"Right now, Austin has a good library system," she said. "But is could be a great library system. There is a hunger for information and cultural awareness. I attended a meeting where Chicago Mayor Richard Daley talked about urban revitalization and he said every community needs two things: grocery stores and a library. Well, we have Whole Foods, now we need a library to match."

Council members took no action last night on deciding which items will be on the Bond Election ballot in November. They plan to select ballot items and set the ballot language at the June 8 Council Meeting.

Austin honors departing chief

Ellison to take over department Monday

Sunday will be Austin Police Chief Stan Knee’s final day on the job. The City Council approved a resolution appointing Assistant Chief Cathy Ellison as Acting Chief, effective Monday, and also presented Chief Knee with a Distinguished Service Award honoring his nearly nine-year tenure with the department.

"It is a very difficult job, and this man has served this community with such integrity and courage and vision and passion…and I can tell you from 30 years in local government and public service he’s the best I’ve seen," said City Manager Toby Futrell. "He’s going to be very, very difficult to replace for this community."

Chief Knee, who has attended several receptions in his honor this week, thanked his staff and the community for helping to keep Austin safe. "A police department is not one individual, it is a group of individuals all focused on one single purpose…and that purpose is to make all of us safe," he said. "And the Austin Police Department is the best at it I’ve ever seen and I’ve spent over 37 years in this business. I am deeply saddened by the fact that I am leaving, but I believe it was a good choice…and I believe it was a good choice because Cathy Ellison is standing in, going to step into my shoes and sit behind my desk. I guarantee you she will not miss a beat."

Earlier in the day, the Council approved a resolution confirming Futrell’s decision to appoint Ellison as Acting Chief. The Council also moved up the start date for Ellison from June 4 to May 29, as Chief Knee will be using up some remaining vacation time next week. "I’m excited, but I’m nervously excited…and it’s a week sooner than I anticipated," Ellison said. "But I’m ready to go."

The Council also honored another outgoing high-ranking city employee. Office of Emergency Management Director Steve Collier is retiring after 17 years with the department. "He’s been on the scene for us from Y2K, 9/11, Katrina, Rita, through the building of our combined emergency center," said Futrell. "He couldn’t have done a better job for us in a very, very tough environment."

©2006 In Fact News, Inc. All rights reserved.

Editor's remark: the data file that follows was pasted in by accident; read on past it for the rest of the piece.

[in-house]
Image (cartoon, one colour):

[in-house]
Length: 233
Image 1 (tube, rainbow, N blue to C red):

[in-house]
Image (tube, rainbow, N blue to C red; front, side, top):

New lobby registrations. . . There have been a flurry of new registrations since In Fact Daily started noting them. On Thursday, the city received registrations from Ron Thrower, who works for a number of clients seeking mostly zoning changes, and Joe Garcia, who registered as a lobbyist for Yellow Cab. . . Incidentally, the Council approved transfer of Roy’s Taxi franchise from the current owner to Yellow Cab on second reading yesterday. Mayor Will Wynn and Mayor Pro Tem Danny Thomas voted against the motion . . . Wait until next month . . . Council members postponed several issues on this week’s agenda until the next scheduled meeting on June 8. That meeting will be the last for two members, Mayor Pro Tem Danny Thomas and Council Member Raul Alvarez. Postponed until then were items on the city’s MBE/WBE program and Mobile Food vendors. A hearing on Historic District regulations was put off until June 22 . . . New jobs . . . Amy Everhart, who managed the successful campaigns of both Council Member Jennifer Kim and Council Member-elect Mike Martinez, will begin her new job as manager of District 50 State Rep. Mark Strama’s re-election campaign next week. Democrat Strama is running for re-election against Republican Jeff Fleece in November . . . Council Member-elect Sheryl Cole says she is still working on choosing staff for the Place 6 office. She said she plans to hire Kenny Thompson, her campaign manager, as her aide and she is considering bringing in a second aide also . . . A carrot for you . . . Shudde Fath, one of the matriarchs of the environmental community, addressed the Council—and AMD CEO Hector Ruiz—during citizens communications on Thursday. Fath spoke on behalf of the Save Barton Creek Association, which has pledged to put up a plaque shaming Ruiz for his part in a projected ruination of Barton Springs and well water in the Edwards Aquifer. Fath and SBCA, among others, believe Ruiz’ plans to build the new AMD campus on the Lantana property will spur rampant new development over the sensitive watershed. . Yesterday, Fath added a carrot, saying she would volunteer to chair a fundraising campaign to erect a statute honoring Ruiz if he decides to move AMD’s headquarters off of the aquifer . . . Moon rock to be shown. . . Veteran newsman Walter Cronkite’s moon rock will be on display at UT’s Texas Memorial Museum June 1 – August 31. Cronkite was honored in February by the National Aeronautics and Space Administration (NASA) with the prestigious Ambassador of Exploration Award for his coverage of America’s space program. He was presented with the only moon rock ever given to a non-astronaut or non-NASA individual. The rock came from the Apollo 11 space mission that put the first human on the moon. Cronkite immediately donated the lunar sample to UT’s Center for American History (CAH), the archival home of the Walter Cronkite papers . . . Memorial Day closings . . . Most city, county, state and federal government offices will be closed on Monday, but there will be some exceptions. The city will collect garbage on its regular schedule, and most city pools will be open . . . In Fact Daily will be taking the holiday off. We’ll be back, tanned, rested and ready, on Tuesday, May 30. We'll also be ready to show off our new web site.